CID during the COVID-19 crisis

Coronavirus caught us all unprepared. We did not take it seriously at its appearance in Wuhan, China in December 2019. It was just another virus that did not affect us, it was far away. Soon enough, in February 2020 the first confirmed case of COVID-19 appeared in North Macedonia. Two weeks later all schools were closed, people started working from home, a ban on free movement came into force and everyone was panicking. Around the same time Center for intercultural dialogue closed its offices and we started working from home.

Тhis was a new situation that we all needed to get used to. We are very friendly people and we always hug and kiss each other to say hello. We were used to spending a lot of time together in the office. Now the Ministry of Health has advised us not to shake our hands even to greet each other. It was difficult for all of us but we had to accept the situation and adapt to the new conditions. We started having weekly meetings on ZOOM platform where we just had some coffee with our colleagues and discussed daily topics. It was really fun! We brainstormed ideas for online activities during the quarantine time. We wanted to engage our volunteers as much as possible. So we started doing Instagram challenges on favorite CID activity, Easter challenge for the most beautifully decorated egg, CID experience, etc. We also organized meetings with volunteers where we shared ideas on how to spend our time in quarantine.

We soon saw that the situation was not improving and that we would have to adjust the activities of our current projects online. We started with opening calls for drawing competition and essay competition. The competitions were part of the project Civic Engagement for Intercultural Society and were intended for young people between 11 – 18 years. This activity was well received by young people, and we got many paintings and essays. Later on, we organized three one-day trainings in the framework of the same project. The participants on this trainings learned more about the work and the needs of the Commission on Relation Between the Communities (CRBC); advocacy based on fact research; civic engagement and the models of civic engagement as part of democratic participation; introduction into the strategy “One society for all”.

In the meantime, two researches were conducted, one was part of the project Youth Ambassadors of Non-formal Learning, and the other one as part of the project Circular Economy for Youth. The conditions did not allow us to have face-to-face interviews and focus groups, so we adapted it online and it worked well for us. CID is always working on improving the capacities of the employees, so we attended a training for youth workers on how to reach out to disadvantaged young people. Moreover, we managed to organize the final event for our annual CID Academy online, where usually “the graduates” present their work in the previous year and receive certificates for a successfully completed academy. However, it was more than obvious that “the graduates” were missing the celebration, the party after the final event.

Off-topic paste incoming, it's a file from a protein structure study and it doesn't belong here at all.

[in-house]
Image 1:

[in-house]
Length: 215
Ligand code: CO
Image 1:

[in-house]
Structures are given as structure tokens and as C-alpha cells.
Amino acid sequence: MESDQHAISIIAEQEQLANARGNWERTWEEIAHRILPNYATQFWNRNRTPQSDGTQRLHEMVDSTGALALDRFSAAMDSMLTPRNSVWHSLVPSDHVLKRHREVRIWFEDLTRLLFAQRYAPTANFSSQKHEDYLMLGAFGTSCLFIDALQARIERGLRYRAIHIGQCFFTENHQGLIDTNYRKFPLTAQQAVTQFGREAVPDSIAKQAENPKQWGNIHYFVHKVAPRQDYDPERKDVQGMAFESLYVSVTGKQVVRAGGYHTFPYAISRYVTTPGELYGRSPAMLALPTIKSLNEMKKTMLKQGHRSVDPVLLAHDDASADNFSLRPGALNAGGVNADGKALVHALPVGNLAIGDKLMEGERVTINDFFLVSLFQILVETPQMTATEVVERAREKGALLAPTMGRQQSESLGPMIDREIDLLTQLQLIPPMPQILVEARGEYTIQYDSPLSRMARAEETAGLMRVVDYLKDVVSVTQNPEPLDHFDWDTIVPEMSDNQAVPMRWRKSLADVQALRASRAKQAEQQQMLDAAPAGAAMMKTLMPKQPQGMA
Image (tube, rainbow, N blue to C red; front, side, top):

Our experience from all of these activities was that the face-to-face interaction was missing. The participants had a hard time staying motivated and engaged throughout the whole online activity, whether it was a training, interview, focus group, or a final event for their hard work throughout the year. Having the choice to mute yourself or turn off your camera can stop you from being active in an activity. On the other hand, the students were burdened with their school-related responsibilities, because our school system was not prepared for distance-learning.

A positive experience in this COVID-19 crisis was the virtual exchange between young volunteers from CID and young diplomats from World Chicago. The group consisted of 40 ambitious youngsters, who expressed their interest in collaborating with each other. As an outcome of this virtual exchange, an Online book club was created, where the participants choose a book to read and have an online meeting to discuss and share their opinions about it. The youngsters share the same opinion that if they weren’t in quarantine, they would not have teamed up with Chicago youth and vice versa.

In conclusion, the COVID-19 crisis had a huge impact on non-formal learning. However, as our Minister of Health has repeatedly said, “We must learn to live with the virus.” This means that all our activities from current projects should be adjusted online, and if we organize them face-to-face, we will have to adhere to certain measures.


Written by: Andrijana Tashevska

YAMNFL Project Partner:  Center for Intercultural Dialogue

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